Reflecting on his early-onset Alzheimer’s diagnosis five years on, the author finds inspiration in a friend who was able to put her own illness out of her mind and enjoy life right to the end.
A few months ago, we discovered some disturbingly large and firm lumps on our dog Sadie. We quickly made an appointment with the vet and sadly learned that Sadie had lymphoma and only had a few months to live.
In one of my text updates with our vet a week or two later, I noted that while the lumps were growing frighteningly large, Sadie continued to eat and play with her toys. Her spirit seemed unchanged.
The vet’s response stopped me cold. “I’m glad she is still feeling so well,” the doctor said. “The beauty of being a dog is they don’t know anything is wrong. They just want to play.”
After a few minutes thought, I replied: “Love your dog observation. People should try to live that way. Particularly those named Phil.”
It’s been almost five years since I was diagnosed with early-onset Alzheimer’s. After diagnosis, I did more than a bit of research and found that many people with early-onset Alzheimer’s tend to live only five years or so. In fact, just as I learned of my diagnosis, Pat Summit, a world-renown women’s basketball coach, died. She had been diagnosed with early-onset Alzheimer’s five years before.
Understandably, I put a five-year cap on my remaining days. For many of those days, I believed that I would no longer be Phil as Alzheimer’s stole my memories, my cognitive skills and ultimately my ability to swallow and breathe.
I started to put my affairs in order. Within months, my long-term partner Tim and I stood in front of a judge at the county courthouse getting married. I updated my will, applied for disability benefits from Social Security and prepared for the worst.
And I waited, agonizing over my diagnosis and becoming hyper-aware of any memory or cognitive problems. And there have been quite a few of those problems.
There was the time, for example, when I was absolutely convinced that a commuter train jumped tracks and took me to the wrong station. (Spoiler: I got on the wrong train.) Or the time I had a heated debate with a friend over whether I had attended a live performance of one of my favorite artists. I was convinced I had not. (Spoiler alert: I had.)
But clearly I’m not going to die — from Alzheimer’s at least — this year or anytime soon.
I’ve been enrolled since the start of my journey in trial for Biogen’s aducanumab and I can definitely say that I’m feeling better these days than I was five years ago. I’d say that I’m currently living with a fairly typical case of mild cognitive impairment.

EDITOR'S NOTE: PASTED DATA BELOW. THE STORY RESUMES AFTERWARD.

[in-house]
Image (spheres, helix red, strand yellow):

My cognitive tests seem to be pretty solid — way better than they were five years ago — and I learned that a recent PET scan found no sign in my brain of amyloid, the protein believed to be associated with Alzheimer’s.
Don’t get me wrong. I’m not cured. My long-term memories have not returned, and I often continue to struggle for words. My husband Tim believes my short-memory may be showing the first signs of slippage. I definitely have trouble mapping out long-term projects and I easily become overwhelmed by an even mildly complicated task. I’ve recently decided that driving makes me too nervous so I’ve largely hung up my keys. (I may still go to the store if necessary, but nothing further than that.)
There are good days. I can still write. I continue to do media interviews and serve on the Board of the Delaware Valley Chapter of the Alzheimer’s Association. Tim and I work on our home and our garden and cherish our pets.
In fact, I’ve been told that I might live for another 20 years or so. And who knows what will happen as the science of Alzheimer’s advances. Maybe I’ll make it to 90 or 100 or beyond.
The big question, though, is whether I want to live for another 20 years. The idea of worrying about this disease for another two decades is just absolutely exhausting. Perhaps I could do another 20 years if I could somehow forget that I have this diagnosis and just learn to be like Sadie and play until I no longer can.
We lost Sadie less than a month after her lymphoma diagnosis. As her doctor had predicted, one Saturday morning we woke up to find Sadie clearly miserable, uninterested in her food, hoarding all the dog toys or announcing the arrival of the day’s mail. (She despised the mail truck; once she actually launched herself through a plate glass window in her desire to catch it.)
We debated whether to bring Sadie to an emergency clinic to end her suffering or to wait until Monday to bring her to our vet. We were able to get Sadie to eat a bit — chicken and rice at first and then cat food, which she had always adored — so we decided to wait.
That Monday at around noon, we said our goodbye. Over the last five years, I’ve cried a lot but I can’t remember the last time that I cried so hard as I laid on the floor with Sadie as she faded away.